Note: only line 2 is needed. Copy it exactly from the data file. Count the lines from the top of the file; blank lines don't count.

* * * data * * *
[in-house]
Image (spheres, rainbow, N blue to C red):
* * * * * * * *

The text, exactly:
Image (spheres, rainbow, N blue to C red):